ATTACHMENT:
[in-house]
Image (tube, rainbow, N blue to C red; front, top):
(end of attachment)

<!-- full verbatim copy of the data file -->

[in-house]
Image (tube, rainbow, N blue to C red; front, top):